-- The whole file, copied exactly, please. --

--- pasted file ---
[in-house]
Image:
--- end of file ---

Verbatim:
[in-house]
Image: